Ecological Art, Documentary Film
For the last two years, Cara Despain has been collecting burnt debris from wildfires in the western United States and using them to create “carbon paintings” that serve as markers of a changing climate and sustained forest mismanagement, existing in memoriam of the consequences of human habitation on the planet. Collecting from sites such as the Woolsey Fire in Malibu, and the Camp Fire in Paradise, California, each piece in the series corresponds to a specific fire. Large-scale canvases are saturated with pure carbon, resulting in overwhelming visualizations of large-scale systems change. The works are meant to conceptually inhabit the lineage of landscape painting, but represent spent/wrecked vistas and places rather than pristine wilderness. Traveling to these sites herself allows the artist to bear witness to and document the burn scars post-fire. A cornerstone of the project, Despain will create a short documentary of her travel, process, experience collecting/documenting the bush fires in Australia, where she will be in residence in late-2021.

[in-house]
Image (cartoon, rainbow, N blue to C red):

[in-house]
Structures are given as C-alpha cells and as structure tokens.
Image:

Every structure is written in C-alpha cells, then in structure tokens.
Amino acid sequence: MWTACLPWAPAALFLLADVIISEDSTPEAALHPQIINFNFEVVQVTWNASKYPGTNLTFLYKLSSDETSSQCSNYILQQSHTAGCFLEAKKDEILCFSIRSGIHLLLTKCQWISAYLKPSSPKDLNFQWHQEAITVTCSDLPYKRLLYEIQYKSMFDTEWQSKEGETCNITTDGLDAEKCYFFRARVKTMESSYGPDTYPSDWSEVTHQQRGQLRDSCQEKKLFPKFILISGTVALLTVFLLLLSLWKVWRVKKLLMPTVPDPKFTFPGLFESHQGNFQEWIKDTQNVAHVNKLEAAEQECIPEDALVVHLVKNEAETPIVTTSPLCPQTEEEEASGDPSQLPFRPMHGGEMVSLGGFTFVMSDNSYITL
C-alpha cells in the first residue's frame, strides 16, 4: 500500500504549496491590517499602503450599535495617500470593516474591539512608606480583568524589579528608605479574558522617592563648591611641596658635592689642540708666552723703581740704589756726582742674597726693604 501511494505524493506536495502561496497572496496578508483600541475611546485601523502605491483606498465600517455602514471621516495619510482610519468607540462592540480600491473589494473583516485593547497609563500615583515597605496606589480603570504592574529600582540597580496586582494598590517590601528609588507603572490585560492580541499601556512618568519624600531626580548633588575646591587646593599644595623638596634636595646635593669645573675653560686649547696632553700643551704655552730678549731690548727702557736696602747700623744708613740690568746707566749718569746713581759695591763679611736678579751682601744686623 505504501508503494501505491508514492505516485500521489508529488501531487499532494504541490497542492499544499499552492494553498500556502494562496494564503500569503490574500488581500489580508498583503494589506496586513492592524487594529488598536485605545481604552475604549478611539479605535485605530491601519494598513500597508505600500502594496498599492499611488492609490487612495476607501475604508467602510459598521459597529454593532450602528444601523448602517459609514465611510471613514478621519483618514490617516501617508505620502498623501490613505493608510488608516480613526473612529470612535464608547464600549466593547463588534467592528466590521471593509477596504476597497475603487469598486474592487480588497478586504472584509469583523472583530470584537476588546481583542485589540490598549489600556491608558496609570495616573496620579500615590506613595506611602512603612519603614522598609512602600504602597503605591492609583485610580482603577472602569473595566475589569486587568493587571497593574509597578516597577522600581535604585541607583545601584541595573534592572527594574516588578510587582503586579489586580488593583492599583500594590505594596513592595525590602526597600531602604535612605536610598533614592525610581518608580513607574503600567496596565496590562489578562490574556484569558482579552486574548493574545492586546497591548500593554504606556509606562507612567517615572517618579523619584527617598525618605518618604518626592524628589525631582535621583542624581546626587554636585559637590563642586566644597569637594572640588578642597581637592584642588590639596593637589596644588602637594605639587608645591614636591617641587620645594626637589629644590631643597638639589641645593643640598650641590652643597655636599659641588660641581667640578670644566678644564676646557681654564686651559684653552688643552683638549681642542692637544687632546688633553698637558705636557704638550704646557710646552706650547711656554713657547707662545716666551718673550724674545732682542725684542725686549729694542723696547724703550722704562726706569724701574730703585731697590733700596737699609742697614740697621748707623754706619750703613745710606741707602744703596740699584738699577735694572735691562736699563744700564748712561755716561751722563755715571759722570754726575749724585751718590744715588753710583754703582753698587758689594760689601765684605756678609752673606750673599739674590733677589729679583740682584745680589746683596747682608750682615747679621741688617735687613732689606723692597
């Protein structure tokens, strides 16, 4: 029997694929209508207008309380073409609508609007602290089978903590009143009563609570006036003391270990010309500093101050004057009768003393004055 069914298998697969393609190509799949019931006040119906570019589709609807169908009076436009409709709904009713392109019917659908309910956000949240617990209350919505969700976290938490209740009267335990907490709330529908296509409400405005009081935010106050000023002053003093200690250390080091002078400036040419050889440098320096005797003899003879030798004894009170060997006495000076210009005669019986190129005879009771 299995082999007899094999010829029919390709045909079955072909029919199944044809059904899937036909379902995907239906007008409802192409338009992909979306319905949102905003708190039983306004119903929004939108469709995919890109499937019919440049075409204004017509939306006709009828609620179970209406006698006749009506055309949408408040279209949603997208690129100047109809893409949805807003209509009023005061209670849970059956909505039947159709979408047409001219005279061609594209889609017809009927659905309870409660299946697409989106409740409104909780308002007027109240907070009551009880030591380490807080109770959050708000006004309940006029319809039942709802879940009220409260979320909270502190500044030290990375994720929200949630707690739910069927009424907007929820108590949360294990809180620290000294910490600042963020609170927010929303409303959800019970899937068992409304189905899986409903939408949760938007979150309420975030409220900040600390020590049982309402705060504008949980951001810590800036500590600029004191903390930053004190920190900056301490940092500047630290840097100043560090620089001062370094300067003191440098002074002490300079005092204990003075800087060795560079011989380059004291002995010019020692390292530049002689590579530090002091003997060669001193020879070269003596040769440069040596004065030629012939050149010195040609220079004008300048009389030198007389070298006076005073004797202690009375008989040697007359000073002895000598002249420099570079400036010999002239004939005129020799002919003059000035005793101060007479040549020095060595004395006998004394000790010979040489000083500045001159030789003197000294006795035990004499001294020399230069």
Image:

Cara Despain is an artist working in film and video, sculpture, photography, and installation addressing issues of land use and ownership, climate change, visualizing the Anthropocene and the problematics of frontierism. She was born in Salt Lake City and currently lives in Miami, and works between the two. She has received numerous awards and grants including the Salt Lake City Mayor’s Award in visual arts, the South Florida Consortium Fellowship and will complete a public art commission with Miami-Dade County in 2021. She has been Art Director on two feature films, including The Strongest Man (Sundance Film Festival selection 2015).